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Genomics and Microbes: Retiring researchers put the unlikely combo to work

Retiring researchers Julia Foght and Gerrit Voordouw have both had a strong influence on how the science of genomics is being used by the oil industry.
The relationship between genomics and hydrocarbons was not initially viewed as being important by the industry, but petroleum microbiology now touches a surprising number of areas. Microbes lead to the souring of gas wells, they can cause corrosion problems, contribute to the remediation of tailings ponds, and help make offshore oil exploration more precise. Using genomics tools to understand how that happens has been a career for Foght and Voordouw who came from different backgrounds and took different paths to end up working on ground breaking research here in Alberta.

Both of them have been part of two Genome Alberta projects,  Managing microbial corrosion in Canadian offshore & onshore oil production operations and Metagenomics for greener production and extraction of hydrocarbon energy. Gerrit is retiring from the University of Calgary where a major focus of his research was on using microbiology to control corrosion and improve hydrocarbon production. Julia's work at the University of Alberta was built around studying hydrocarbon-degrading communities. Their research has ventured as far afield as the Antarctic where Julia collected samples to see where hydrocarbon degrading microbes could be found, and as close to home as Medicine Hat where Gerrit collected oilfield samples over several years.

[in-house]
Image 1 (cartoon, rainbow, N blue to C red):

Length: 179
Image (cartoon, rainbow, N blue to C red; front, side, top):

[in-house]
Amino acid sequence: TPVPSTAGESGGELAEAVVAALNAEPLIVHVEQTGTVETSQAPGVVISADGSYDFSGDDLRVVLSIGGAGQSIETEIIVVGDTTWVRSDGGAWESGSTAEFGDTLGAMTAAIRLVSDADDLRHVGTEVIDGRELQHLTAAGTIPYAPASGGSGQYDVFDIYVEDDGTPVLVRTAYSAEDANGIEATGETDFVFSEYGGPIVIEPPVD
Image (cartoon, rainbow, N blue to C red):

Retiring can be a slow process so they are both keeping their hands in the research community but their full-time presence will be missed. Freelance broadcaster Caroline Wagner talked to the two researchers about their contributions to the marriage of genomics and the oil industry.

Genomics and Microbes: Retiring researchers put the unlikely combo to work

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